An elderly man has been facing fines after painting a fake pedestrian crossing, along with speed signs, on the road in front of his home.
As 78-year-old Laurie Phillips from Christchurch, England, explained, he decided to take things into his own hands after repeatedly asking the local council to install a zebra crossing in front of his home to allow residents with disabilities to safely cross the street that can sometimes get very busy.
Following alleged inaction from the officials’ side, the senior man, who has been struggling to cross the road with his disabled wife, rolled up his sleeves and painted a pedestrian crossing on his own one early morning. He also complemented his design with fake speed signs and markings resembling speed bumps.
After the authorities realized what had happened, Mr. Phillips was summoned to the local police station and accused of criminal damage. Once the man was issued a $180 fine, the authorities also proceeded to remove all of the freshly painted markings including the pedestrian crossing.
Calling the investigation into his actions an “unnecessary waste of police time,” Laurie said all he cared about was getting the officials to come up with a safe solution for crossing the busy road.
“After lockdown was lifted last summer we were swamped with visitors and 5,000 cars were passing through each day,” the 78-year-old insisted.
“I communicated with local Mudeford councilors and Vikki Slade, who was head of the council at the time, as well as the officers who are responsible for line painting.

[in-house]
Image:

“I gave clear warning that I would paint it if nothing was done. At no time did I have any response tell me I wasn’t to do it or should not do it.
“I personally paid over £100 for materials and three of us took two hours each to paint it. One might think a contribution to the wellbeing of those I live near and all the visitors who come here would be welcomed by a cash strapped council?”
The senior man went on to claim that the council is obliged to “make reasonable adjustments for an individual who is at a substantial disadvantage at that time due to their disability” under the equality act.
“In my view, this prosecution, which is only now coming to a resolution, has been a complete waste of valuable police time, as well as causing unnecessary stress through many delays in the process to me and my wife aged 78 and 76 respectively,” he added.
“I could have fought it in the courts but it’s not worth the hassle.All I care about is getting a permanent crossing installed there to improve safety. ”
After the story went viral, the local council insisted they would review the formal request for a pedestrian crossing they had received to decide whether or not the idea is viable.
“The situation regarding the illegal markings has been addressed and we can confirm that we have received a formal request for a crossing to be placed at this Mudeford Quay location,” a BCP Council spokesperson confirmed.
“As with other requests for crossings we receive, we will carefully assess the request to establish whether it is appropriate to create a formal or informal crossing at this location. Safety remains, as ever, our primary concern.”
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